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Object Search

By Sean Smith,

This stored procedure allows you to search any database (or a combination of databases, including all) for a specific string found in column names, object names, and / or object definitions. As well, there are several optional parameters which can be passed to the procedure to aid in narrowing down your search.

The easiest thing to start with is to run the procedure as follows to get a detailed, overall listing of what it can do:

EXECUTE dbo.usp_Object_Search

     @Search_String = N''
    ,@Database_Name = N''

Which will output:

Correct Syntax:

    dbo.usp_Object_Search @Search_String, @Database_Name, @Search_Against, @Object_Type, @Exclude_String, @Hit_Limit

Input Parameters (pass '?' as a parameter for extended details):

    @Search_String (Mandatory) : Search string value
    @Database_Name (Mandatory) : Database(s) to search
    @Search_Against (Optional) : Search Object Name, Column Name, and / or Object Definition
    @Object_Type (Optional)    : Search Object Type(s)
    @Exclude_String (Optional) : Exclude results which contain @Exclude_String value
    @Hit_Limit (Optional)      : Limit the rows returned

Output (certain columns, indicated by an asterisk, will not be returned in the result set if they are not queried / matched against):

    database_name              : Name of the database in which the matched object was found
    object_type                : Object type
    object_description         : Description of the object type
    object_name                : Name of the object in which the match was found
    column_name *              : Name of the column in which the match was found (when applicable)
    data_type *                : Data type of the "column_name" field
    data_length *              : Data length of the "data_type" field
    definition *               : Definition details in which the match was found (when applicable)
    search_criteria_matched_on : Indicates type of match (Object, Column, Definition, etc.)
    row_count *                : Total records in a table object
    total_space *              : Total disk space allocated to a table object
    space_used *               : Total space used by a table object (of the space allocated)
    space_data *               : Total space used by a table object attributed to data
    space_index *              : Total space used by a table object attributed to indexes
    space_unused *             : Total space unused by a table object (of the space allocated)

Additionally, you can get specific details on parameter options by passing a question mark:

EXECUTE dbo.usp_Object_Search

     @Search_String = N'something'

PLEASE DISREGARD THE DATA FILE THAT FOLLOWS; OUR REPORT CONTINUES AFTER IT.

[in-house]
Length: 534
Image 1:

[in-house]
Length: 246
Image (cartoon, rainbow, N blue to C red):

,@Database_Name = N'tempdb'
    ,@Search_Against = '?'

Which will output:

Valid Search Types (use single characters, combinations such as 'CD', 'NC', etc., or NULL for "ALL"):

C : Search Column Names
D : Search Object Definitions
N : Search Object Names

Or even:

EXECUTE dbo.usp_Object_Search

     @Search_String = N'something'
    ,@Database_Name = N'tempdb'
    ,@Search_Against = NULL
    ,@Object_Type = N'?'

Which will output:

Valid Object Types (use either a single value, multiple values separated by commas, or NULL for "All":

AF : Aggregate Function
C  : CHECK Constraint
D  : Default Or DEFAULT Constraint
F  : FOREIGN KEY Constraint
FN : Scalar Function
FS : Assembly Scalar-Function
FT : Assembly Table-Valued Function
IF : Inlined Table-Valued Function
IT : Internal Table
L  : Log
P  : Stored Procedure
PC : Assembly Stored Procedure
PG : Plan Guide
PK : PRIMARY KEY Constraint
R  : Rule
RF : Replication Filter Stored Procedure
S  : System Table
SN : Synonym
SO : Sequence
SQ : Service Queue
TA : Assembly DML Trigger
TF : Table-Valued Function
TR : Trigger
TT : Table Type
U  : User-Defined Table
UQ : UNIQUE Constraint
V  : View
X  : Extended Stored Procedure

You can also get a quick listing of all the available databases you can query by intentionally passing a non-existent database name as a parameter:

EXECUTE dbo.usp_Object_Search

     @Search_String = N'something'
    ,@Database_Name = N'?'

Which will output (for example):

Valid Database Names (use either a single value, multiple values separated by commas, or '*' for "All"):


I've found the procedure to be very handy when making changes to a production database / server and I want to see which objects might be affected before going live.

Any friendly feedback is always welcome. Enjoy!

Total article views: 4057 | Views in the last 30 days: 8
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